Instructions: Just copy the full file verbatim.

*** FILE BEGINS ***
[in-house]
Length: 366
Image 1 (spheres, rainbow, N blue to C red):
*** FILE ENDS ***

[in-house]
Length: 366
Image 1 (spheres, rainbow, N blue to C red):